Covered Calls and Naked Puts Revisited

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When a rookie trader first becomes aware that some positions produce identical profits and losses, regardless of the price of the underlying asset, it's truly an 'aha' moment. 

It's as if a veil has been lifted and the world has become a brighter place.

  Because I believe this is an important concept and truly enhances a rookie's ability to understand options far more quickly, I devoted a chapter to the concept of equivalent positions in The Rookie's Guide to Options.  I also  provided a solid introduction to the topic in some earlier posts.

Because the primary purpose of this blog is to provide an education to option rookies, let's take a closer look at two different strategies: covered call writing and naked put selling.

But first a word of caution:  These two strategies are most beneficial to investors whose only investment experience consists of owning a portfolio of stocks, mutual funds, or exchange traded funds (ETFs).  Each of these strategies is a less risky method for investing in the stock market – when compared with owning stocks.  The investor earns a profit more frequently, loses less often and does well when the market rallies, trades in a narrow range, or even when it undergoes a small decline.  In each of those scenarios the covered call writer and naked put seller outperform their counterparts who simply own stock.

However, these are considered to be 'not-so-safe' strategies.  If the market tumbles, losses can be sizable.  In that respect, losses are similar to (but smaller than) losses incurred by thsoe who own stock.  And upside profits are limited, whereas the investor who owns stock has the potential for unlimited gains.

Nevertheless, these are both very popular strategies because they are safer than owning stock and offer an investing style that is easy to learn.  I use these strategies to introduce rookies to the world of options.  Once these methods are well understood, then I move on to less risky plays.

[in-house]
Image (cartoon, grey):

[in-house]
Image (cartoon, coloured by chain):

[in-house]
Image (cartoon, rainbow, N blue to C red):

Comparison

If the simple algebra used in the proof that these methods are equivalent was not enough proof, let's take a look at the profit/loss graph for a pair of equivalent positions.  Although this is not strictly 'proof' I hope that seeing identical graphs goes a long way towards convincing you that these positions truly are equivalent.

Previous posts offered more details about covered call writing and naked put writing ('write' has the same meaning as 'sell' – when the investor is not selling an option that was bought earlier).

To be equivalent, the option part (the call or put option that is written, or sold) of each trade must have these elements in common:

  • The same underlying asset
  • The same strike price
  • The same expiration date

Risk Graphs

APPL Jan 300 covered call


 

AAPL Jan 300 naked put

These graphs are essentially identical.  Any minor difference occurs because the price of the trade execution always plays a role.  Our discussion is based on the assumption that neither trade is made at an advantageous price over the other.  

Interest rates are very low, but it does cost more to carry the covered call position (cash required to buy the position) than the naked put (cash collected when selling the put) and thus the CC should appear to be slightly more profitable by the cost of owning the position through expiration.

One myth that can be destroyed here is that a naked put is riskier than a covered call.  The positions are equivalent.

 

Other positions

These are not the only two option positions that are equivalent.  Keep in mind that calls are puts and puts are calls (all a trader has to do to convert one to the other is add stock – long or short – to any position).

808

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